She agreed and we began our journey up the mountain down the mountain up over another mountain and down to what was an almost dry hole in the ground where the cattle were drinking. She scooped out the floating stuff on top of the water and filled her bucket. She told me she did this twice a day to water her flowers and to give her the water she needed. We had walked about a mile and I was tired and now she was carrying about 4 gallons of water in her bucket back to her home. The water and bucket weighed about 35 pounds and it seemed a lot heavier as I helped carry it back.
When we had walked a little ways we stopped and I asked her if this is where she goes to get water all the time. She then told me that no this is where I go during the wet season when it is dry I have to go much farther. Then she began to cry and I did not understand what I had done to make her cry. She explained to me that she was 86 years old and if she could not go get water during the dry season that she would probably die this dry season.
I realized that being poor reduces your options but now I saw first hand that being poor could also be a life sentence of hard work and possibly a death sentence. At that time I told her that I would have running water at her house before the dry season started this year. I did not know how I was going to do it but I knew that I have done it in many other places around the world and I sure was going to do it here. So starts the story of bringing water to San Martin.
Creating a Low Cost Water Access
Since digging wells is an expensive venture we worked to locate an alternative system. We learned about various springs some two to three miles away from San Martin where residents walked to pick up buckets of water. We located one spring some two miles away from San Martin that had a constant flow even at the end to dry season. Using GPS we determined that the spring was some 175 feet higher than San Martin. Thus, by dropping the water from a cistern in a ravine where the spring flowed down the hill we could have enough gravity pressure to push the water up a road to San Martin to another cistern for the village to secure buckets of water in the village. Rotary Clubs in Denton and in Gainesville provided $3000 for pipes and two cisterns . Students from UNT on a field school installed the two cisterns and laid and buried the plastic pipe in May of 2006 just before the rainy season and after several days water flowed to San Martin from two miles away.
In 2007, volunteers from Grace United Methodist Church from Manassas, Virginia worked for one week in San Martin to lay pipes to each home with a single faucet either inside the home or just outside the home. After one week each home had access to running water. Virginias’ Methodist contributed $500 to buy the pipes, faucets and supplies to make the system work.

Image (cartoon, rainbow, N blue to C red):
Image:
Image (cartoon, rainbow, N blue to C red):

In 2008, our partners from Virginia returned to the site to build a community bath house with two toilets, a shower, and a room for clothes washing. They also built a septic system for the toilet water and a barrel to collect gray water from shower and washroom for drip irrigating a mini kitchen garden. Rotary Clubs of Denton and Gainesville provided some $10,000 for the supplies, e.g., toilets, wash basin, shower head, cement, roofing material .A small chicken cage and an extra storage room for a single elder’s home were also built during the trip. Rains prevented the team from Virginia and FWOP to work every day on the bath house project as planned . Furthermore conflicts with the landowner developed and so the project took some 15 months to complete. Additional local labor was brought in to complete the project finally. We will discuss some of the political issues that arose below.
The Surprises of Community Development
In the first months of our involvement a major crisis developed in San Martin. A mother became mentally ill and ran off her seven children and her husband. The residents quickly built a two-room shed 15 feet by 30 feet to house the father and the children. For the while the father, two boys and five girls age 5 to 17 stayed in the shed. Some months later the father moved back with his wife and left the children on their own.
Various minor interventions were undertaken to improve the life of the seven children. Bulk food was secured from the welfare department of Mazamitla. Graduate social work students from Texas worked with the children for some two years and managed to secure a visit from a social worker from the State of Jalisco. These social workers succeeded in obtaining a cell phone for them to call for Mazamitla police, 20 minutes away, for help. The mother occasionally would come to the dwelling to abuse the children. Subsequently, the police would arrest her and put her in jail for a few days. Others insulated the house to prevent the cold mountain air from penetrating, for San Martin is some 7500 feet above sea level.